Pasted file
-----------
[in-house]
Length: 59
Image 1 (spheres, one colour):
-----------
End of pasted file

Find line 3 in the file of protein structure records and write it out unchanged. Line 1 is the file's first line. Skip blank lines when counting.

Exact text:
Image 1 (spheres, one colour):